On the gray afternoon of Jan. 28, the Furman Community gathered to honor the first Black student to attend Furman. This day was full of emotions, hope, and taught us about the courage of Joseph Vaughn.
The commemoration started in front of the Chapel where students and faculty formed a large crowd to listen to the several speeches given by Black students. After this strong moment, the assembly engaged in a symbolic walk toward the James B. Duke library, in remembrance of Vaughn’s first walk on campus as a Furman student.
It was in front of the library that the most memorable moments occurred. President Elizabeth Davis addressed a speech honoring the achievements of Vaughn. Next, Davis awarded Pearlie Harris M’83 with an honorary Doctorate in Humanities for Harris’ contributions to the Greenville community through her experience desegregating the public school system as a teacher. To me, this recognition marked a moment of change. By further spotlighting the accomplishments of Black community members, our institution is using our power and privilege to encourage active representation. This also shows our Black students that it is not only possible to thrive as a Black student at this institution, but also in the broader community.
I was most impacted by a speech by the Student Body President, Asha Marie ‘22. Observers could feel her emotions, passion, and love for her leadership position at Furman. It is clear to me that she wants to make Furman a better place. Her words taught me that anyone can take a step forward to create a safer environment for People of Color. And it should be our main goal, because as Marie mentioned in her speech: "Joseph Vaughn’s legacy challenges us to invest in community, stand up for what’s right, and insists that we participate in making our communities a better place." While Marie was speaking, I was struck by the resemblance of Black student leaders and Vaughn. They are not abstract legends or hypothetical figures, but instead my peers, friends, and mentors.
Furman is not perfect. There are many ways that our community can, and should, change. Vaughn’s legacy, his call for us to be “a part of Furman’s greatness,” should inspire students to work for the change they wish to see. No matter your color, race, or background – everyone at Furman has experienced the feelings of loneliness and hopelessness that I imagine Vaughn experienced as the first Black student at Furman. I see this in Joseph Vaughn statue. He not only symbolizes hope, but also reflects the darkest feelings of loneliness experienced by many students of colors and international students. For this reason, Vaughn should not be seen as a shiny bronze trophy in front of the library. The Vaughn statue reminds us of an important part of the history we should continuously work to improve. We should represent him as the perfect thriving Furman student. He was a man who went through a greater challenge than our generation experiences and he bravely bore the weight of being the ‘’majority of one.’’ He chose to represent the Black community at a predominantly white institution, on top of his role as a student. We should continue to be inspired by him, not only because of his bravery, but also in relation to the struggles he faced.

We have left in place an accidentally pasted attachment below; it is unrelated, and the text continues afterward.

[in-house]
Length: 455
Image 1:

We should recognize our past. Then, work toward making it more inclusive and brighter for the generations that will come after us. We are here to break the stereotypes, generational traumas, and show to our ancestors that we can do better.
February is Black History Month, but Black history shouldn’t only be celebrated on Joseph Vaughn Day or during the month of February. We have to continue decolonizing, unlearning racist customs, and celebrate Black history throughout the whole year. I would like to invite you all to celebrate Black faculty, mentors, and students that inspired you throughout your journey at Furman. They have always been, and always will be here, to make history.